The fairly unprecedented pomp of Friday's White House farewell ceremony for Rahm Emanuel speaks to his power and ubiquitousness in insular Washington, as he prepares to run for Mayor of Chicago. Emanuel's cult status and his intimate closeness to President Obama has led to the pervasive early view that Emanuel is a healthy favorite to win, but these attributes, which have made Rahm so influential in the capital, constitute considerable liabilities that will make his election difficult.
In heading back to Chicago, there is no question that Emanuel brings incredible fund-raising skills and will easily out-pace all of his opponents. As a former congressman, adviser to Bill Clinton, and the most successful head of the DCCC over the last generation, it is no stretch to say that Emanuel has the deepest rolodex in all of Democratic politics and he'll raise and spend a mint. Emanuel is also a hardened, able campaigner, and all indications are that he is meticulously working to assemble sturdy local support.
Emanuel's greatest obstacle in winning won't come down to finances or studiousness, but rather his lack of a large, natural, concrete base necessary to win an entirely urban election. For all of Rahm's money, fame, and out-sized reputation, where will his votes come from? While Rahm still enjoys a good level of popularity in the city, most of the city's racial and ethnic groups do not identify with him to any great extent and owe him no personal fealty. Therefore, how he breaks out from his small pockets of support in wealthy, white-heavy areas is an open question.
Despite immense gentrification and the blurring of once-clear ethnic and socioeconomic lines, divisions still exist in Chicago as voting blocs remain intact. At the time of the last census, the city was nearly 40% black and more than a quarter Latino, and neighborhoods heavily composed of Irish, Italians, Polish, and other groups still exist with their ancestral backgrounds playing a role in their voting behaviors. This isn't to say that Chicago voters reflexively won't vote for a Jewish North Sider, but that after over 20 years of uninterrupted Daley rule, numerous groups view the wide-open race as their turn to elect one of their own.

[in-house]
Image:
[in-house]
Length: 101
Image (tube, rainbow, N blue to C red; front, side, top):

The wild card, of course, is what role Emanuel's old boss will play. Sensibly, the casual view of the race suggests that President Obama, who has already endorsed Emanuel, is Rahm's biggest asset and as Chicago's favorite son he will bring controlling sway among Democratic primary voters. But it is highly unlikely that the President will take any overt actions beyond closed-door fund-raising.
Providing anything more than the perfunctory endorsement Obama has already tendered would expose the President to a lot of grief from liberal leaders in Illinois, especially African Americans who have long-eyed Emanuel wearily. The White House knows the race is a local contest far beneath any robust exertion by the President such as stump speeches or neighborhood visits. Should Rahm win, Obama would gain little hard benefit, but if he lost it would be an immeasurable embarrassment, particularly on the heals of what will painful midterm losses. It would thus be wrong to expect Obama to do much on behalf of Emanuel. City politics are simply too sticky and tribal.